I went to a pro-gun rights talk by a Conservative woman. Here’s what I learned.
‘If you are not fighting for your rights, you are losing them’
If you know one thing about me, besides the fact that I love dogs more than most people, it's that I am very liberal. I'm pro-choice. I voted for Hillary and supported her with every ounce of my existence. I believe women's rights are humans rights, and in terms of more current events, I am without a doubt anti-gun.
I attended a talk by Antonia Okafor, one of the leading supporters of conceal to carry on campus, an act that would allow concealed weapons to be carried by students on campus. Okafor is conservative, pro-life and a supporter of the NRA. Basically, she is the complete opposite of me.
However, I decided to go into the talk with an open mind. While I didn't see myself changing my stance on guns, I wanted to see what she had to say, and this is what I learned.
She used to be liberal
Antonia Okafor grew up as a liberal, voting for Obama both in 2008 and 2012. She gave speeches on female empowerment and was active in the political scene on her campus, UT-Dallas. However, in college, she started to question her own beliefs.
I had an amazing time speaking to the young, intelligent women of @enlightenedwomen during @cpac2018 Tonight, I get to speak to the men and women of @uwmadison about this crazy concept called female empowerment through gun ownership. 😏 See y’all tonight! And thank you to @cblpi for hosting me❤️ #emPOWERed
She came to her own conclusion that a lot of the things she was preaching actually gave more power to men, such as abortion. She realized that she believed that abortion was consequence-free, and that more power was being given to men to not have to pay for those consequences.
She said this within the first two minutes of her talk. To be quite frank, I almost left. I don't believe abortion is consequence-free at all, several women die from obtaining legal abortions every year, and hundreds of women die from giving birth naturally. While I was starting to become skeptical of Okafor, I decided to keep listening.
She said the right to own a gun is a form of female empowerment
She moved on to discuss her stance on gun rights, after taking a moment of silence for those affected in the Parkland shooting. She stated that "having the ability to properly use a firearm for self defense is not only a right, it's real female empowerment".
She went on to discuss sexual assault on campus, and how if even one woman is assaulted, that is one to many.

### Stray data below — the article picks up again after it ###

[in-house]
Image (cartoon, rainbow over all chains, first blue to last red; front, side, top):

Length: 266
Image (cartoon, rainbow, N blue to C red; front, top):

While this is something I agreed wholeheartedly with, she made another point: that women don't feel like they have permission to protect themselves. I didn't know if I agreed with this, but I asked some students how they felt.
Some UW-Madison students weighed in
"If anything, I feel like I'm more encouraged to defend myself and to stand up for myself", one said.
"I don't think women don't have permission to defend themselves, I think it's more that society has made it so it's surprising when they do. Gender roles cause us to be surprised when a women protects herself," another stated.
"I don't think more guns would solve the issue of assault on campus", one said. "Especially on such a huge campus like ours, I wouldn't want to go to a party and know that someone might have a gun".
She also stated liberals are saying women can't be trusted with guns. "There's a reason why modern feminism is also associated with the anti-gun agenda: because it has nothing to do with women's rights", she stated. "If third-wave feminists really believe in the woman's right to choose, if they really believe that we don't need men to protect us, then why don't they support a woman's right to protect herself?"
"I don't think it's just women, I think liberals are saying that no one can be fully trusted with a gun", one of my friends said.
She closed her speech with a statement about student safety, particularly women's safety. She claimed that the issue is that, on campuses, students don't have rights to protect themselves and they should have the ability to be armed to stay safe.
"This was a huge issue in the 90s," a TA of mine said. "Women wanted to be armed because they feared being raped. But that turned into a bigger issue: the fear of being assaulted or raped grew larger and larger. Our society should be a place where women don't have to walk around with guns in their handbags fearing for their safety".
Politics aside we have a sexual assault problem on campus
Regardless of your political leaning, we can all agree that sexual assault is a huge issue on campus, ours included. There is no way to gloss over sexual assault statistics and say that a problem doesn't exist. But how do we work to solve this issue? Is it about arming ourselves with weapons, or is there another way to hold assault perptrators accountable?
What I learned from Antonia Okafor is to listen and to be open to the thoughts and opinions of those I may not agree with. While I originally thought Okafor and I to be complete opposites, I realized that we had something in common: we care very deeply about women's rights, we just want to deal with it in different ways, and I discovered that that is okay.
While my stance on gun control hasn't changed, I truly and honestly believe that just sitting down, shutting up and letting someone else speak can be more eye-opening than you might expect.
It's important to remember that, as Malala Yousafzai said "we can not all succeed when half of us are held back". Women's rights are important, and in our political climate, maybe now more than ever. It's important that we encourage empowerment and we listen to one another, regardless of political party.